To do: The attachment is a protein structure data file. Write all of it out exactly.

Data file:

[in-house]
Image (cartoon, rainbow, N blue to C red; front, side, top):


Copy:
[in-house]
Image (cartoon, rainbow, N blue to C red; front, side, top):